Gig economy – a system where work is contracted on a freelance short-term basis, often using technology to connect workers and hirers.
Uberfication – the disruptive application of Uber-convenient technologies to more traditional marketplaces, eg Uber taxis, Airbnb hotels, Deliveroo take-aways, Rover dog-sitting.
In other words, at the top of the hourglass, it is and will remain an employee’s market, and at the bottom, an employer’s market.
This scenario plays into equally widespread optimistic and pessimistic world views of future employment trends, depending on which end of the spectrum you choose to focus on.
It is still only early days for the gig economy, which, according to research by PwC, makes up a mere 2% of the total recruitment market.
But by 2020, it is forecast to be worth nearly $63 billion globally, and £2 billion in the UK alone.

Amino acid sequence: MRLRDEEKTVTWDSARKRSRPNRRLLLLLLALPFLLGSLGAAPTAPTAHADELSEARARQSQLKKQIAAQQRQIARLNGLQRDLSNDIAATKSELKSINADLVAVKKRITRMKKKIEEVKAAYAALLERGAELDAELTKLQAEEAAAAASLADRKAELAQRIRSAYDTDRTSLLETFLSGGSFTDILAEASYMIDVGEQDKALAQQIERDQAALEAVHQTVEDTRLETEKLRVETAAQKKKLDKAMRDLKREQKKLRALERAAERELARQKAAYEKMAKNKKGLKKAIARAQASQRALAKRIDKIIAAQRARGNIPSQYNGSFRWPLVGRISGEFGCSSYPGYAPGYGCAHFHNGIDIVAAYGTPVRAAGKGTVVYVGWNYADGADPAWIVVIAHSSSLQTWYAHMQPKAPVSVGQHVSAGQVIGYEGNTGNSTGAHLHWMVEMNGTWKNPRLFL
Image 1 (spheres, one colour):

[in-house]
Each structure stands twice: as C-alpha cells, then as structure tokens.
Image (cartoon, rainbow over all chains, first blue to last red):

Its My life connected report suggests that, while technology is definitely contributing to the trend, it is also being driven by growing numbers of millennial workers keen to take more control over their careers.
And they are not the only ones. There is also mounting interest among older employees, who are moving towards the end of their career and, in many instances, are looking less for more flexible ways of working too.
David Knight, associate partner at KPMG’s people and change practice agrees with this trajectory: “The gig economy and portfolio working is still in its infancy and is quite immature as many organisations have yet to see the value of employing people in this way.”
“But rolling the clock forward over the next two or three years, I anticipate a groundswell of interest from employers, driven by demand from old and young alike.”
Lost in the numbers
Mark Beatson, chief economist at the CIPD, on the other hand, cautions against getting too carried away.
“Most forecasts tend to be over-optimistic in the short-term as change is often much slower to catch on than people expect,” he says. “But gig working may also be difficult to pick up in the statistics, especially if people are just doing a few hours here and there, so we may not see it coming for a while.”